Gunsmith

Discussion in 'Gunsmithing and Repairs' started by ndjpow74, Aug 13, 2016.

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  1. ndjpow74

    ndjpow74 Member

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    Should gun owners have basic gun smith tools?

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  2. Ed Ames

    Ed Ames Member

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    Depends on the owner.

    My father could have been a gunsmith in the classic sense. In his youth he did things like built carbines from 1917 revolvers, built riflestocks from raw lumber, etc., and he had the mechanical aptitude to take apart very complex machines and rebuild them...a firearm was childs play to him. He wasn't a gunsmith because he wanted to be a computer engineer more.

    OTOH...I've seen a whole bunch of used guns with buggered screws and worse. I once saw a pistol that looked like someone had tried to change the rear sight with a hammer and got a few good whangs on the slide from missed blows. That person should have had his tools taken away and the slide hung around his neck as a constant reminder of his sins.
     
  3. Bobson

    Bobson Member

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    Agree that it depends. I know lots of guys who own guns. Some of them shoot a few times a month, some shoot once or twice per year, some find excuses to work on their guns, others wouldn't work on their own guns if you paid em.

    Just depends on the person. Personally I've found it handy and find myself buying new tools surprisingly frequently over the last year.
     
  4. frogfurr

    frogfurr Member

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    Starting out a set of high quality set of screwdrivers and pin punches made for guns. Not the best quality that comes from Harbor freight.
     
  5. Iron Sight

    Iron Sight Member

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    Doesn't hurt to have correctly ground screwdrivers available.
     
  6. Mauser lover

    Mauser lover Member

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    Mindset, skill set, toolset; in that order.
    If you don't know how to use them, all of your fancy tools are worthless. That being said, if you have the mind and skill to work on your firearms, you should have the mind to get a few tools. What better excuse to get more tools! :D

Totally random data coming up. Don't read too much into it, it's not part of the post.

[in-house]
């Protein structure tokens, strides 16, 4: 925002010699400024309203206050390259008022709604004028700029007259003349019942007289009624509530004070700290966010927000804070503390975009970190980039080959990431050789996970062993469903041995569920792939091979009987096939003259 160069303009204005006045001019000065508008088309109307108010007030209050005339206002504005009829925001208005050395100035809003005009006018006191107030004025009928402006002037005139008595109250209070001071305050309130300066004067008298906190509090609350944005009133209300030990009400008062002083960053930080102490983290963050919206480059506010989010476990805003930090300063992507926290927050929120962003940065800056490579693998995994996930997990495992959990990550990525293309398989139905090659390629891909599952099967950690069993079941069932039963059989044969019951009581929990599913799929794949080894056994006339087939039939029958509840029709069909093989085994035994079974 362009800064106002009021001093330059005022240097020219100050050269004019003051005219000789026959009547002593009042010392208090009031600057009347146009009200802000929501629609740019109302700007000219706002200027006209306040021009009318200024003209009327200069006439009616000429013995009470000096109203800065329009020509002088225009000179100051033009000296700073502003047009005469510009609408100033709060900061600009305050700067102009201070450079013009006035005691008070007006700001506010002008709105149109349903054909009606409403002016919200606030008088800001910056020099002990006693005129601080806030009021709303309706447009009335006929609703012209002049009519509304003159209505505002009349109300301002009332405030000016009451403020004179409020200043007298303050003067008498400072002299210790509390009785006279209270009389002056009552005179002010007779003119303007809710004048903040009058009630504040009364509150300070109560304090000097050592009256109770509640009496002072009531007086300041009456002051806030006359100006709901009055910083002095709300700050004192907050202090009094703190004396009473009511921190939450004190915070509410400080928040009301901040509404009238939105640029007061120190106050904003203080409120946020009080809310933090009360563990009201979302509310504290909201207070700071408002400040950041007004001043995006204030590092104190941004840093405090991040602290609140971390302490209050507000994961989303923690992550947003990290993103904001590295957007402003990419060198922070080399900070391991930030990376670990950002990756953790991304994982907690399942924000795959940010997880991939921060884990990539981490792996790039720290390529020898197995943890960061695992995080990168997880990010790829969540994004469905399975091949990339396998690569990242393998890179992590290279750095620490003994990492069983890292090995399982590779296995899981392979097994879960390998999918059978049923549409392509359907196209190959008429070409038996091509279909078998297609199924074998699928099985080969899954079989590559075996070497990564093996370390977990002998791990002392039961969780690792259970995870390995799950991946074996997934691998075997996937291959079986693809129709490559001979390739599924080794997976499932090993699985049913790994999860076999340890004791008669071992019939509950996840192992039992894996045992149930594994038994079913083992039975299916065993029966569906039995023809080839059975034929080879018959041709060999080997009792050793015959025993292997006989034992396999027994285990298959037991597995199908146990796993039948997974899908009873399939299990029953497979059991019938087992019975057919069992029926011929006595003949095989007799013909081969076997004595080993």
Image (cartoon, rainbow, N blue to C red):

Yes, get some good screwdrivers and punches. Hollow ground screwdrivers, or parallel tip, whatever you want to call them (not all hollow ground bits are actually parallel, so be careful here) and punches with removable tips can be nice.
     
  7. David Blane

    David Blane Member

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    Why? That's what gun smiths are for.
     
  8. MedWheeler

    MedWheeler Member

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    Should car owners have some basic tools and know-how?

    I think so.
     
  9. wally

    wally Member

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    IMHO guns, cars, computers, phones, household electrical wiring, plumbing & HVAC are all too important to not have the basic knowledge and tools for routine maintenance and non-major repairs.
     
  10. grampajack

    grampajack AR Junkie

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    I think that all depends on what you're talking about. As others have mentioned, you'll want some basic tools, like screwdrivers, brass punches, a torque driver, that sort of thing. Depending on what kind of gun we're talking about, mostly older ones, you'll need all that just for routine cleanings. A nice laser bore sight is also handy.

    The next level of do it yourself gunsmithing would be something like mounting a scope. Very easily doable for the average person with the right tools. You would need an alignment kit, lapping kit, scope levels, and a torque driver. Installing sights is on the same level. Again, very easy with the correct tools.

    After that would be bedding a rifle stock. Still very easily doable at home, but definitely more that could go wrong. This would probably be in the same category as installing a recoil pad, lengthening or shortening pull, adding checkering, etc.

    After that, we're talking about doing trigger jobs and making small replacement parts by hand. That's probably the kind of thing only a real gunsmith should do, and only a good one. While it's certainly possible for the average person to learn it with readily available and inexpensive tools, the consequences of doing it wrong are pretty great.

    After that would be machine work. A lot of what gunsmiths do is thread barrels, square off bolt surfaces, change chamberings, etc. But no, I don't think the average gun owner needs a lathe, unless you want to.:D

    Nowadays, there's not much call for gunsmithing, what with the advent of CNC machines. If you know enough about firearms to troubleshoot problems, then all you have to do is find the malfunctioning part and order a replacement from the factory. Used to be, all replacement parts had to be hand fitted. Now you just drop them into place. For example, a Glock 22 might get sluggish on the ejection around 10,000 rounds. All you have to do is order a 15 dollar ejector from lone wolf and you're back in business.

    If you wanted to learn a little about gunsmithing, I would suggest building a 1911 from a receiver. There won't be any machining involved, but all the parts will have to be hand fitted. That's about the closest you can get to real gunsmithing without buying 10k dollars worth of machines.
     
  11. bannockburn

    bannockburn Member

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    I bought a set of high quality screwdrivers when I was a kid, long before I could even buy a gun. Still have them today along with a lot of other gunsmithing tools and accessories. The ability and knowledge to use them came later but it was worth the initial investment to have them once I learned how to use them properly.
     
  12. jimmyraythomason

    jimmyraythomason Member